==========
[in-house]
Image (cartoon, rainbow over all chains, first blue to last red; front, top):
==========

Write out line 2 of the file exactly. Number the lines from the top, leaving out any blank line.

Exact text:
Image (cartoon, rainbow over all chains, first blue to last red; front, top):